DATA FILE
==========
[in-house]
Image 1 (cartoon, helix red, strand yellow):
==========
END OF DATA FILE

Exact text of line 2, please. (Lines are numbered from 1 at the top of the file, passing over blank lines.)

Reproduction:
Image 1 (cartoon, helix red, strand yellow):